C: It’s a type of monkey.

S: I also did not know about ibex, dromedary, and okapi. I also did not know about Przewalski’s horse.

C: The Przewalski’s horse is a type of horse. It’s the oldest breed. And the okapi is a big animal that lives in Central Africa. It has a long tongue, so long that it can lick its own eyes and ears. Kind of disgusting really!

S: Well, staying clean is important. So what about the dromedary and the ibex?

C: The dromedaries are some type of camel. And the ibex is a goat-like animal that lives on mountains. But the arctic fox is one of my favorites. Here is me looking at the page for the arctic fox.

Caramel is checking out the arctic fox in The Magnificent Book of Animals, illustrated by Val Walerczuk and written by Tom Jackson.
Caramel is checking out the arctic fox in The Magnificent Book of Animals, illustrated by Val Walerczuk and written by Tom Jackson.

S: Hmm, I’m not sure a bunny would be too safe near a fox.

C: I think you might be right. I also like the African elephant. Here is me looking at the page for the African elephant.

Caramel is reading more about the African elephant in The Magnificent Book of Animals, illustrated by Val Walerczuk and written by Tom Jackson.
Caramel is reading more about the African elephant in The Magnificent Book of Animals, illustrated by Val Walerczuk and written by Tom Jackson.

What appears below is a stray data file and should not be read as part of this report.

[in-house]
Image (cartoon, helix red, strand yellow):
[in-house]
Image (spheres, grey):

S: So each of the animals has a two-page spread where there is a really realistic drawing of the animal and a few interesting facts about it.

C: I don’t know how the person drew the pictures! It seems impossible.

S: What do you mean?

C: They’re so incredibly realistic! The eyes seem to be actually reflecting light, and they are looking at me when I am looking at them!

S: Yes, you are right Caramel, I agree the pictures really make this book magnificent. And the facts are all quite interesting, right?

C: Yes. For example I learned from this book that the arctic fox’s coat changes color between white and grayish brown so it can blend in its environment.

S: That is neat! And I can now see why you have not gotten bored of this book yet, even though you have been reading it over and over again so many times.

C: Yes, and I want to read it ten hundred thousand more times. So let’s end this review.

S: Okay. So what do we say?

C: Stay tuned for more book bunny reviews!

Caramel enjoys reading and looking at the truly magnificent illustrations in The Magnificent Book of Animals, illustrated by Val Walerczuk and written by Tom Jackson.
Caramel enjoys reading and looking at the truly magnificent illustrations in The Magnificent Book of Animals, illustrated by Val Walerczuk and written by Tom Jackson.